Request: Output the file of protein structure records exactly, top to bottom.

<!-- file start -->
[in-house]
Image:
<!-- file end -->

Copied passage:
[in-house]
Image: